Talk:Head crash

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Why do we need an article dedicated to head crash when we have the more general Hard disk failure article? 04:36, 14 October 2007 (UTC)[reply]

What sort of conditions increase the probability of a head crash occuring? Analogously, what steps can be taken to reduce the chances of a head crash? This year I've overheard more and more people mentioning, "ahh my hard drive crashed, I have to get a new one" more than I've ever heard it (and I've spent most of the last 6 years of my life in computer labs) -- is there any empirical evidence of hard drives, in general, becoming produced less and less reliable? This doesn't seem to be a topic covered very much on the web, other than what to do after the fact, so this article could use some expansion. -- 06:07, 20 Apr 2005 (UTC)

Generally the biggest cause of head crashes in PC and similar hard drives is moving or dropping the drive when it is powered on. Drives don't like sudden movements when they are spun-up and sudden impacts can cause the heads to dig into the platter surface, damaging the magnetic coating. IMHO most 'head crashes' people claim to have suffered-from are more likely to be soft failures, modern EIDE and SCSI drives being extremely reliable, providing they are handled correctly. The drives are assembled in clean rooms so dust is not usually a factor providing the drive case hasn't been opened. Although many will end up in consumer PCs these drives are manufactured to business (i.e., professional use) standards and providing the drive doesn't fail within the first few weeks, most will easily last five years, the drive generally becoming obsolete due to drive capacity/speed advances, (i.e., people replacing the drive with a bigger or faster one), before actually wearing out.
BTW, I used to work on Honeywell/Bull mainframes and the Control Data/Data General MSU4551 removable platter hard disk drives occasionally had proper head crashes. One could always tell when, as there used to be a distinct smell of burning around the drive. The result of this was having to get an engineer to replace the individual head assemblies, and then use the latest backup disk pack and re-run any jobs that hadn't been included in the backup. Ian Dunster (talk) 10:44, 21 September 2008 (UTC)[reply]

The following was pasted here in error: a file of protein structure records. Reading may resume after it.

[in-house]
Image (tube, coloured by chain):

What is the probability for head crash in case of normal HDD usage (according to the manufacturer's specifications) in server environment (several months non-stop online)?

Is it more probably a meteorite to destroy a HDD than a head crash in case of normal stationary usage for period about 6 years?

A link to an article (from an authoritative non-biased source) with such information will be valuable.

"Since most modern drives spin at rates between 5,000 and 15,000 revolutions per minute, the damage caused by a head crash can be disastrous."

A few bad sectors (not caused of head crash) over very important files can also be "disastrous". In how many of the cases the physical damage is considerable (more than 5% of the magnetic surface is damaged)? (reliable statistics data will be valuable)

Maybe it is not a good idea to listen music from HDD based MP3 player while skiing/snowboarding. How severe is the problem for the stationary (desktop/server) users?

According to this article some HDDs have protective layer on the platters. Also (from the same source) it is more probably a head crash to occur in old HDDs despite the higher floating height of the heads. --

120km/h a little abstract[edit]

>At 7,200 RPM the edge of the platter is traveling at over 120 kilometres per hour (75 mph) This is quite abstract for such a small device. Why not write "~33m/s". That will give people a better sense of how fast the disk is spinning. —Preceding unsigned comment added by (talk) 00:22, 11 February 2011 (UTC)[reply]

Really? I have no idea how fast "~33m/s" is. However, "over 120 kilometres per hour (75 mph)" actually means something to me. —Diiscool (talk) 14:37, 11 February 2011 (UTC)[reply]
And you can totally imagine how fast a small disk is when it is spinning at 120km/h. No, I don't think so. You know how long a second is, you know how long 33m are. But I guess you don't even know what 120km/h means. You're just saying that because you can read your speed meter in your car. —Preceding unsigned comment added by (talk) 15:29, 11 February 2011 (UTC)[reply]
I think the speed of a car is a reasonably good comparison. What can I compare 33 m/s with? The speed of storm wind? That's far more abstract. -- intgr [talk] 21:28, 11 February 2011 (UTC)[reply]
You imagine making a leap of 33m in a second. That's pretty reasonable. Other units are rather abstract. Ask some people how fast 120km/h is. You'll get the answer "well, my car goes that fast". I hope you know how subjective the perception of speed is in a car. Drive 200km/h for 10 minutes and slow down to 100km/h. You'll feel like you're driving 50km/h. Furthermore, we're not talking about a car, we're talking about a small static object that has spinning disks in it. Smaller units make much more sense for that. (talk) 21:45, 11 February 2011 (UTC)[reply]
So we just use both figures, and while we're at it we can include 100 feet per second. Incidentally back in the days when disk drives looked like washing machines, the 14" platters spun at 3600 rpm for an "edge speed" over 100 mph or around 150 fps. I'll leave it up to you guys to do the metric conversions there :) Nibios (talk) 19:14, 21 May 2011 (UTC)[reply]